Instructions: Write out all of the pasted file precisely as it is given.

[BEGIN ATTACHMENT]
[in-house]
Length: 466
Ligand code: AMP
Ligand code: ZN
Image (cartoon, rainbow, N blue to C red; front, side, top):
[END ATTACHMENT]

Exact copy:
[in-house]
Length: 466
Ligand code: AMP
Ligand code: ZN
Image (cartoon, rainbow, N blue to C red; front, side, top):